How 9-11 changed Israel and the world

Israel is the only country in the Middle East that has a 9/11 memorial site (on the Jerusalem hills).

Every year on 9/11 it becomes harder to think of what to write, what to say, how to understand what occurred, and how to explain it to those born after that tragic day in 2001. How does one convey the feelings generated by that horror to 15 year olds born after it happened? 

The enormity of the human tragedy, the sheer volume of people killed, injured, maimed for life, traumatized forever, the thousands of family members of those killed or injured -- those are staggering figures. How does one begin to grasp the symbolic importance of hitting at the very heart of western civilization, the heart of the quintessential international city that represents all that is great about America and western values? The event may be too hard to wrap one's mind around, even with 15-year hindsight. 

Here, in Israel, we talk about it, we remember it, we mention it; there are radio programs and television programs dedicated to it. Israel is the only country in the Middle East that has a 9/11 memorial site (on the Jerusalem hills). While crowds all over the Arab world, from Gaza to Baghdad, celebrated the attack on the U.S., Israelis mourned and still mourn with America.

Israel's 9/11 memorial is also the only such memorial outside the U.S, that lists the names of every victim, because we know that a terrorist attack is, first and foremost, a personal attack on individuals. We remember all of them. We know better than most countries what it is like to be attacked by radical Islam on our own territory. We understand the horror, the pain, and the rage.

But although the attack left thousands of victims in its wake, and although each of them represents a complete and full life taken away, not to mention thousands of bereaved and suffering families, the attacks of 9/11 must be seen in their wider context, in a historical perspective. They are, after all, a historic event that has changed the world.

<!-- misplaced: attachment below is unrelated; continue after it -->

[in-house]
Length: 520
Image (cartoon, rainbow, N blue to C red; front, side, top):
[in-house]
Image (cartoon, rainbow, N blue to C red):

The attacks of 9/11 were a clear declaration of war by radical Islamists against the West. They attacked not only people, not only the World Trade Center and the Pentagon, respectively symbols of America's financial, and defense establishments. They attacked western values. They attacked democracy and freedom and all the liberties that Americans, Israelis and others hold dear. They attacked those values because they pretend to replace them with a whole other set of values, the values of Islamic law (Shari'a) and their very narrow way of life which they seek to impose upon anyone considered "infidel." 

Tragically, the attacks of 9/11 were followed by many more attacks on European and US soil. San Bernardino, Orlando, Nice, Istanbul, Paris, Brussels... the list goes on. Only this past September, New York was again the target of what appears to have been an attack inspired by Radical Islam (there are scarce details at the time of writing). Luckily, nobody was killed this time. In Israel, too, there has been a resurgence of terrorism in the past weeks.

Islamic radicalism offers its followers a simplistic world view, a black and white portrait of humanity which divides all people into two categories: those residing in the "House of Islam" and those residing in the "House of War." Simply stated, every person must choose whether to belong to the House of Islam (as defined by the minority who comprise Islamic radicalism) or be forever condemned to be in the House of War, and therefore doomed to die at the sword. This simple and superficial world view trickles down to thousands of disaffected youth all over the world, from the Abu  Sayyaf group in the Philippines to Al Qaeda and to ISIS. The members of these groups may belong to different streams within Islam but they all have one thing in common: a deep hatred for all western values and freedoms. And a deep desire to impose their own values on the rest of the world. 

Islamic radicalism has been threatening Israel's way of life for decades. Since 9/11, it has become a threat to dozens of other states as well, and while each country chooses to deal with the threat in a different way, one thing is clear: Islamic radicalism (not Islam) will continue to hit at western civilization in an attempt to subjugate us to its primitive, extremist view of religion. Together, we can and should make a powerful stand against the forces of radicalism. We can and should make use of religion as a bridge between peoples rather than as a divide, in order to stand up to those who will use religion to disseminate hatred. The alternative is to surrender, abandon, and relinquish our countries to them. 9/11 is a day to remember why that option does not exist.

Israelis share the pain of the American people on this day and we stand together in defense of the western, democratic way of life and values, on 9/11 and every day. For us, September will forever be remembered as the day on which our closest ally was attacked not merely because of who it is -- but because of what it represents. 

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